“In college, you could always find him; he was somewhere eating, or somewhere lifting,” says Taylor. “Or he was in his room or on the football field. Or going to one of those destinations. Very, very routine. He’s still training now as if he’s in his prime. People take his emotion as a problem, but it’s because his passion runs deep. That’s who he is. He didn’t have issues with people; people had issues with him.”
Owens didn’t run into problems on the court, but that doesn’t mean he didn’t run into problems. “He had an edge to him,” says Isaac Conner, another hoops teammate. “No question about that.” Conner recalls one scuffle on campus: “He made mincemeat of this guy’s face. He didn’t start it. The guy was messing with him. That was a big mistake. He finished it. As I recall, T.O. was sort of just defending himself. The guy had a huge knot on his eye. It was a big knot. One punch. One punch.”
“T.O. was never a bad actor,” says Nix. “Not a drug guy, a criminal. He kind of rebelled some early. That’s being immature. You deal with that all the time. He might be late getting back. Maybe five minutes late for a meeting. Nothing bad. Ever. No drinking, no trouble, never anything like that.”
Asked if Owens was a good listener, Nix let out a half-chuckle and said, “At times.”
Owens couldn’t really be a diva at UTC. It was still the Southern Conference. It was still a basketball school. “You figured if he was a great player, he would have been in the SEC somewhere,” says broadcaster Jim Reynolds. “You have one strike against you in the SoCo.”
He found his way onto the hardwood during games, but not all that often. He only scored 57 points in his three-year college career, with 49 rebounds, so he was far more Dennis Rodman than Kevin Durant. “There were no plays designed for him,” Reynolds says. “He would tell you he could shoot, but he’d be lying. I remember one time Coach Mack was upset and said, ‘I’m going to start the five guys who play the hardest.’ That’s when T.O. got in the starting lineup.”
(McCarthy on that decision: “To my dismay, he didn’t realize why he started. He thought he had worked his way into the lineup.”)
It’s a stretch to say Owens has been in constant touch with his UTC brethren since he left campus. But he’s certainly kept ties. He’s even friends with the one alum who may be more recognizable than he is – Mr. Belding from Saved By The Bell.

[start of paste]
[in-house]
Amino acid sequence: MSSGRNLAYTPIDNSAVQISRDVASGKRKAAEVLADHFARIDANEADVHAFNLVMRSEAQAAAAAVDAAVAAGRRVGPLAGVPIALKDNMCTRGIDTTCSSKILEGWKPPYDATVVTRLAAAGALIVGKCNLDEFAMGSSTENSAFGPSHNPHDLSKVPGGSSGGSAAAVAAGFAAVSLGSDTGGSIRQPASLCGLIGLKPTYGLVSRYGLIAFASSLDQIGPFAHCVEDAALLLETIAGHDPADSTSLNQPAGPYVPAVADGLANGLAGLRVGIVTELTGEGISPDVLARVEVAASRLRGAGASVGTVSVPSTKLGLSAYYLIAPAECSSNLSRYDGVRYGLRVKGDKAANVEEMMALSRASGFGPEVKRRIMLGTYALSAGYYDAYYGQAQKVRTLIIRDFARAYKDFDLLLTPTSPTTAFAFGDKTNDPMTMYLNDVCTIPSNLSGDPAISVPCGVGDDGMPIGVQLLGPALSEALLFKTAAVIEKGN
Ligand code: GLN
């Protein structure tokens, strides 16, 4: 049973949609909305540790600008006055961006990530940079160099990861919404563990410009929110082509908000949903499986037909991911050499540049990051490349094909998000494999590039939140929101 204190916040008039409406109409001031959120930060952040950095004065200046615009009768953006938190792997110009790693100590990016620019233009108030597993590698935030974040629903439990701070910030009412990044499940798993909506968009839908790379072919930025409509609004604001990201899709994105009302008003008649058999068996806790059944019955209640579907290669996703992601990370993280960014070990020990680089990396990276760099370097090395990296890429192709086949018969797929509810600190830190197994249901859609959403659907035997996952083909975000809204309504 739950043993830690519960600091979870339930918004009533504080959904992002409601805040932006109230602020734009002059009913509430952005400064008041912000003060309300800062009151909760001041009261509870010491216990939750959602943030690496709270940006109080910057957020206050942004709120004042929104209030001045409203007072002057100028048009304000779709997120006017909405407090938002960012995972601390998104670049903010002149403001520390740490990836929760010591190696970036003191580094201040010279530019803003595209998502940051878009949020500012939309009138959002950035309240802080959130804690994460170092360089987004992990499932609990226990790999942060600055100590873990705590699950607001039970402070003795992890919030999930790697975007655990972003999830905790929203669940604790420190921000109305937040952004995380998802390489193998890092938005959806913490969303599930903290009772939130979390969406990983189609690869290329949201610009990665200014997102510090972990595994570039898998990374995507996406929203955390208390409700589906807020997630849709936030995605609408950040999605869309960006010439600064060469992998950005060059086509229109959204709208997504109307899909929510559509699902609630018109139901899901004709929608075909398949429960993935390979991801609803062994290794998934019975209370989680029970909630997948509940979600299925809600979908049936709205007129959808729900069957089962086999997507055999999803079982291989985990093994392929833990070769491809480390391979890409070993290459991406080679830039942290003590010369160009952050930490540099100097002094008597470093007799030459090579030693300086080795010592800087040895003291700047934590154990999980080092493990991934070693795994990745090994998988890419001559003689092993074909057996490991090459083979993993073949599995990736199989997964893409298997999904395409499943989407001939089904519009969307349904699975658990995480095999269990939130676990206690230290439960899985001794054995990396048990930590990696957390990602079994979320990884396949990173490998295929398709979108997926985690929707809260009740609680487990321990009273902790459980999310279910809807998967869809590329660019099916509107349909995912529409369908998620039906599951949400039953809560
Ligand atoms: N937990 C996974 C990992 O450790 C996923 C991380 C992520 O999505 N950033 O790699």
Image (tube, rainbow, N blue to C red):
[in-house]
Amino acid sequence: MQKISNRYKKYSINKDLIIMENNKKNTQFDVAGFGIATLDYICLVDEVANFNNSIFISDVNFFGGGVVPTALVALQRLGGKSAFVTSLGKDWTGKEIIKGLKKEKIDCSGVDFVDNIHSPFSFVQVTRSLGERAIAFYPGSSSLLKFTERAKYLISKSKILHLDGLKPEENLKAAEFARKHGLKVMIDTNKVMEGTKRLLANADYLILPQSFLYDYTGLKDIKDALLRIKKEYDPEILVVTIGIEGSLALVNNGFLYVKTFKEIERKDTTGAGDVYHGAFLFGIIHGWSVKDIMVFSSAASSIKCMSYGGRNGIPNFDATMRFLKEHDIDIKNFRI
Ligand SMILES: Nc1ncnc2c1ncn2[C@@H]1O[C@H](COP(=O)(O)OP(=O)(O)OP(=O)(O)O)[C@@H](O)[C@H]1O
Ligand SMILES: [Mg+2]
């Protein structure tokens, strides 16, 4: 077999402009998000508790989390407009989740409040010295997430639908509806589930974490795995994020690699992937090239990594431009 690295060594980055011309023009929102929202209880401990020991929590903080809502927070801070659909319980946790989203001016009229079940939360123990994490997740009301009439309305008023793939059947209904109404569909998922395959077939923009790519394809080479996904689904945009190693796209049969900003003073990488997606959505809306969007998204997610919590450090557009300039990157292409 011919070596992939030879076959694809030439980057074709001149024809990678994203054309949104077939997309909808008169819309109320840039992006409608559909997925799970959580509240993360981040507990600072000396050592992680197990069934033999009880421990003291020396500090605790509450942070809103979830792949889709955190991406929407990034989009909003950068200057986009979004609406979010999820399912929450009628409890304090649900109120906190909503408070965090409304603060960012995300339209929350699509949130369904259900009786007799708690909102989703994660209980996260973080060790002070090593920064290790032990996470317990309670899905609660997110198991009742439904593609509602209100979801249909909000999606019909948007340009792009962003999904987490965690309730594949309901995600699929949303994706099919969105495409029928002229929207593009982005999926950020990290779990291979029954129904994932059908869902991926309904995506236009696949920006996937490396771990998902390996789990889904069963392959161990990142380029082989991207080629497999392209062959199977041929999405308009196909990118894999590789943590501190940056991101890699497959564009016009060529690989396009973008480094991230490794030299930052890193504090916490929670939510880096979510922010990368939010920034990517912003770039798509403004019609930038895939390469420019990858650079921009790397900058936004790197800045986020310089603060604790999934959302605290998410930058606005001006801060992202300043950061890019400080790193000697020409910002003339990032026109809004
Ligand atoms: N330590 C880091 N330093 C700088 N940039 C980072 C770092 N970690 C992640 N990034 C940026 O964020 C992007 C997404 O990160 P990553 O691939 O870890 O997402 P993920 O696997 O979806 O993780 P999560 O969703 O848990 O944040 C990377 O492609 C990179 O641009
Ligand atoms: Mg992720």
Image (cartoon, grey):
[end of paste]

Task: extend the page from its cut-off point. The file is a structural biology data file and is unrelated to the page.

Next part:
“T.O. is the celebrity; Terrell is the person,” says Dennis Haskins. “He’s my friend Terrell.”
Haskins, like pretty much everyone else interviewed for this story, is a little protective of Owens.
“When you have that kind of edge,” he says, “when you’re a Hall of Famer, you’re unique. Sometimes that’s welcome, sometimes not.”
There’s a sense that Owens has been tarnished unfairly.
McCarthy said his former player got a “raw deal” for being criticized after his decision to avoid Canton.
Born: “I can’t tell you how many times, when people find out I know T.O. they say, ‘Oh god what’s he like? Seemed like I was always saying, this guy is really a great guy.”
Taylor: “Why are you trying to hold him out, saying he destroyed the team? He made every team better. Do I agree with everything he did? No. Show me anyone who did it perfect in every sport.”
Haskins, before hanging up at the end of his interview, said, “Thank you for doing this.”
The most revealing relationship that’s lasted, however, might be Owens’ friendship with Erik Gray, the former Mocs mascot. It’s Gray who picks up Owens at the airport when he visits the campus. The two of them walk around, and Owens gives football pointers to Gray’s high school son.
“Once he retired, that’s when he realized, ‘I wish I came back [to UTC] more often,’ ” he says. “We talk about how much he missed the university. It’s real. This started five years ago. He talked about how much he missed it.”
Gray says he got a text almost right away when Owens found out he was initially snubbed from the Hall. “Didn’t get in,” it said. Then when Owens did get in, Gray got a text saying he planned to accept the honor in Chattanooga. “He had this on his mind for a while,” Gray says.
Most of Owens’ PR problems in the NFL were of his own doing. He can make excuses, but insulting Donovan McNabb or Jeff Garcia is deservedly a major demerit against him. It was maybe because of this that Owens never really had a home in the NFL. He left the Niners for the Eagles, then the Cowboys. Owens wasn’t in Buffalo or Cincinnati long enough for those communities to really claim him. As a Bengal, at age 37, he caught nine touchdowns and amassed nearly 1,000 yards in one season. Impressive. But who remembers that? Meanwhile, Ray Lewis was hardly overwhelming in his last season with the Ravens, at age 37. But he had been beloved in Baltimore for so many years, and he was the most famous face on a Super Bowl winner.
It’s not a huge stretch to say Owens’ true team is the Mocs, and his city is Chattanooga. That’s where he could do no wrong in part because that’s where he did no wrong. He was a superstar who emerged from a college town that was always overshadowed by Nashville, Memphis, Knoxville and even Atlanta. Owens’ professional reputation, right to the end, was tainted by disloyalty. There was never disloyalty to UTC. And his decision to celebrate his Hall of Fame induction in the Mocs’ basketball arena is the ultimate love letter to the school. It’s historic for all the right reasons.
“He’s having it around the people who give two craps about him,” says Taylor. “The people who never wavered.”
The grainy video from long ago has more significance than it would first seem. It’s annoying if you’re the opponent, or maybe if you’re a casual fan. It’s a precursor to his stomping on the Dallas star: T.O. making himself visible when he should just keep to himself. But around Chattanooga, it’s raw energy and spirit from a guy who truly wanted the team to win. It’s T.O., standing up for his teammates, for his school.
For some, Terrell Owens doesn’t belong in Canton, doesn’t belong in the hallowed ceremony. That basketball arena, however, is somewhere he’s always belonged.